Doing a beach cleanup? Watch out for invasive species!

Posted on Jan 10, 2017 in Main, slider


If you encounter marine debris that might be from Japan, please let us know if you find alien plants or animals that have hitched a ride over. 


Marine debris can carry live organisms originating from distant shores that may be harmful to Hawaii’s native marine species and ecosystems. Ongoing research on organisms found on marine debris originating from the 3/11/11 Japan tsunami is helping to assess the risks of invasive species in Hawaii. To this day, we are still finding debris from Japan washing up on our islands’ shores.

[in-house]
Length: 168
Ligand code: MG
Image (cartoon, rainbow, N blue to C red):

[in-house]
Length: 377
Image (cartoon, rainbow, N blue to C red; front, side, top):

Look for rubbery brown stalks to identify gooseneck barnacles! These are non-invasive and common on marine debris.

However, some native organisms that you may find on marine debris are not a threat to Hawaii, such as pelagic gooseneck barnacles. 

Any other alien (non-native) organisms such as mussels, pink barnacles, and oysters should be reported immediately to DLNR. Please take a few photographs of the organism(s) on the marine debris, and of the item itself. Email photos with the location, date, and time to [email protected].


Blue mussel, non-native to Hawaii.

Pink barnacles, non-native to Hawaii.

Oysters, non-native to Hawaii.